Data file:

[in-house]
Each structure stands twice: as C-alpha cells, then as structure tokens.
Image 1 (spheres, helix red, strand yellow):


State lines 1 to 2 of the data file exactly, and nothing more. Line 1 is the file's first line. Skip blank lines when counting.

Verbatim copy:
[in-house]
Each structure stands twice: as C-alpha cells, then as structure tokens.